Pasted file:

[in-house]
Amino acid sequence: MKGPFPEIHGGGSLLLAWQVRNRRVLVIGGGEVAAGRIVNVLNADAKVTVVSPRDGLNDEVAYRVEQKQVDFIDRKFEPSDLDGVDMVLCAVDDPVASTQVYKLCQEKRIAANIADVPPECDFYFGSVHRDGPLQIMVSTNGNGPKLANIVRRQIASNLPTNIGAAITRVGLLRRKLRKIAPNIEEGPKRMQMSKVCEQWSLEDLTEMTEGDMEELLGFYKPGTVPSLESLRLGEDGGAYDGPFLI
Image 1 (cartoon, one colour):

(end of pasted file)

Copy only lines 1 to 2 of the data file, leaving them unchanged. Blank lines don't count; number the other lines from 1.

[in-house]
Amino acid sequence: MKGPFPEIHGGGSLLLAWQVRNRRVLVIGGGEVAAGRIVNVLNADAKVTVVSPRDGLNDEVAYRVEQKQVDFIDRKFEPSDLDGVDMVLCAVDDPVASTQVYKLCQEKRIAANIADVPPECDFYFGSVHRDGPLQIMVSTNGNGPKLANIVRRQIASNLPTNIGAAITRVGLLRRKLRKIAPNIEEGPKRMQMSKVCEQWSLEDLTEMTEGDMEELLGFYKPGTVPSLESLRLGEDGGAYDGPFLI